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Excerpt from Oral History Interview with James Lawson, October 24, 1983. Interview F-0029. Southern Oral History Program Collection (#4007) See Entire Interview >>

Lawson's experiences at Vanderbilt

Though Lawson was expelled from Vanderbilt because of his involvement with the Student Nonviolent Coordinating Committee and his participation in the sit-ins, he remembers that several of the faculty members offered him a great amount of personal support. He also reconciled with some of his opponents later in life.

Citing this Excerpt

Oral History Interview with James Lawson, October 24, 1983. Interview F-0029. Southern Oral History Program Collection (#4007) in the Southern Oral History Program Collection, Southern Historical Collection, Wilson Library, University of North Carolina at Chapel Hill.

Full Text of the Excerpt

DALLAS A. BLANCHARD:
What about the faculty at Vanderbilt? Who gave you the greatest support there?
JAMES A. LAWSON:
I suppose that's fairly hard to say. I would say though it would probably have been a combination of Everett Tillson and J. Robert Nelson.
DALLAS A. BLANCHARD:
OK.
JAMES A. LAWSON:
Yeah. I would think I would say, yes, in fact I would definitely, just simply definitely say it was those, those two would be the, the main two. I had ... J. Robert Nelson was someone that I admired, was or is a good man, rather, and a strong man. So I admired him. That was really the first time I'd gotten close to him though as a dean and I didn't know him and he knew who I was, so we had visited before my, before 1960. Everett, I met through his Old Testament class, which for me was a very exciting affair with specially his work with the prophetic tradition and his interpretation and all. So I guess that's where I really, in a sense, fell in love with his class, and we talked and visited. He was also Will's friend, so that helped. So I would say those two were my most supportive people from the faculty.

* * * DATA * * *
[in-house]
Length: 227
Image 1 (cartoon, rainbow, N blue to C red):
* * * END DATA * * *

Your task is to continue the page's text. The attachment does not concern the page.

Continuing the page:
DALLAS A. BLANCHARD:
OK.
JAMES A. LAWSON:
From the faculty.
DALLAS A. BLANCHARD:
Did, was there anyone that surprised you with a lack of support?
JAMES A. LAWSON:
I should also say I guess that Roger Shinn was my counselor there, my faculty counselor, and he was quite helpful and supportive at the times I had conferences with him. Bard Thompson and I became very close because I was very excited by his teaching.
DALLAS A. BLANCHARD:
Uh ha.
JAMES A. LAWSON:
Also, and I think he had a very firm trust in me although we didn't even know each other that well. I had never less than very firm trust in him, I know. I guess the person that surprised me though in some ways, we did get reconciled in 1970 and he surprised me, not because I knew him, but because of his Old Testament reputation up to that time. I had him that was Hyatt, who I understood from a variety of people, was quite negative about my whole role. As I say, we got reconciled because I went back on sabbatical in '70, 71', took his Jerimiah course and he was both impressed with my ability and I was in turn impressed by his knowledge of the prophetic movement and the way which he treated Jerimiah, so we did get reconciled. But I suppose that was the one, but it wasn't because he knew me or I knew him. It was more because I just assumed the person--did the prophetic tradition would have more of an understanding of the, what happened with Christian witness.